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Conformational analysis of galactofuranosides using NMR spectroscopy and computational chemistry Open Access

Descriptions

Other title
Subject/Keyword
Furanose
Carbohydrate NMR
Galf
Molecular modeling
Conformational Analysis
Type of item
Thesis
Degree grantor
University of Alberta
Author or creator
Richards, Michele R.
Supervisor and department
Lowary, Todd L. (Chemistry, UofA)
Examining committee member and department
Brown, Alex (Chemistry, UofA)
Gibbs-Davis, Julianne M. (Chemistry, UofA)
Moitessier, Nicolas (Chemistry, McGill)
Choi, Phillip Y. K. (Chemical and Materials Engineering, UofA)
Department
Department of Chemistry
Specialization

Date accepted
2012-08-27T13:42:08Z
Graduation date
2012-11
Degree
Doctor of Philosophy
Degree level
Doctoral
Abstract
The five-membered ring, or furanose, form of galactose is not found in mammalian systems. However, it is commonly found in pathogenic organisms, including Aspergillus fumigatus, Campylobacter jejuni, and Mycobacterium tuberculosis. In many of these organisms, galactofuranose (Galf) is essential for virulence or viability. For example, a major component of the mycobacterial cell-wall is the mycolyl-arabinogalactan (mAG) complex, which contains 30–35 alternating β-(1-5)- and β-(1-6)-linked Galf moieties. The enzyme that synthesizes most of the galactan portion of mAG, GlfT2, is bifunctional, forming both β-(1-5)- and β-(1-6)-bonds in a single active site. The exact mechanism of the regiochemistry of bond formation catalyzed by GlfT2 has not been established, but accurate predictions of the conformation of short galactan oligomers would allow us to determine key carbohydrate-protein interactions with these furanose sugars. The inherent flexibility of the furanose ring makes it difficult to model with current methods. This thesis presents improved tools for determining the conformation of the monosaccharides, methyl α- and β-D-Galf, as well as Galf-containing trisaccharides, which are model systems for the mycobacterial mAG complex. Specifically, we have evaluated the gas-phase the potential energy surfaces (PES) for both monosaccharides. We then compared the low energy conformations from the PES to the solution-state conformation determined from nuclear magnetic resonance (NMR) spectra and the program PSEUROT. For the α-anomer, there was good agreement between the gas-phase conformation and the PSEUROT results; however, the PSEUROT approach failed for the β-anomer. To overcome the limitations in PSEUROT, we turned to molecular dynamics (MD) simulations of the monosaccharides. Average vicinal proton–proton coupling constants were determined from the MD simulations, via newly developed Galf-specific Karplus relationships. Most of the calculated vicinal coupling constants agreed well with the corresponding experimental values, except those for the C4–C5 bond. Therefore, we adjusted the force field terms associated with this bond, and the new parameters improved the agreement between experiment and simulation for C4–C5 bond in the monosaccharides. However, the new terms did not affect the C4–C5 bond for β-(1-5)-linked residues in the Galf-containing trisaccharides.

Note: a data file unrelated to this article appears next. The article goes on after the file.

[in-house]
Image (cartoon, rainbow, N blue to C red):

Language
English
DOI
doi:10.7939/R3R20S491
Rights
Permission is hereby granted to the University of Alberta Libraries to reproduce single copies of this thesis and to lend or sell such copies for private, scholarly or scientific research purposes only. Where the thesis is converted to, or otherwise made available in digital form, the University of Alberta will advise potential users of the thesis of these terms. The author reserves all other publication and other rights in association with the copyright in the thesis and, except as herein before provided, neither the thesis nor any substantial portion thereof may be printed or otherwise reproduced in any material form whatsoever without the author's prior written permission.
Citation for previous publication
Richards, M. R.; Lowary, T. L. ChemBioChem 2009, 10, 1920–1938.

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